In a ruling earlier this week, the Ninth Circuit emphasized the demanding standard Federal Rule of Civil Procedure 9(b)’s particularity requirement imposes on qui tam relators alleging fraud, particularly when seeking to pursue an expansive scope of claims based on limited information. In United States ex rel. Driscoll v. Todd Spencer M.D. Medical Group, Inc., No. 13-17624 (9th Cir. Aug. 9, 2016), a former radiologist employed by the defendant medical group, alleged that the group and its principal violated the FCA by submitting claims to Medicare for “unnecessary CT scans” and, separately, by “unbundling” single procedures into multiple claims to “increase billings artificially.” Id. (slip op. at 3). The relator alleged that this conduct persisted for at period of several years, from at least 2007 to 2010, and perhaps longer. United States ex rel. Driscoll v. Todd Spencer M.D. Med. Grp., Inc., No. 1:11-cv-1776, 2013 WL 6243858, *5 (E.D. Cal. Dec. 3, 2013). After allowing the relator one opportunity to amend his complaint, the district court dismissed the first amended complaint with prejudice, concluding that these allegations were insufficiently specific to withstand Rule 9(b)’s particularity requirement. Id.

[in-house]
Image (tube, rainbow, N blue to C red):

10 August 2016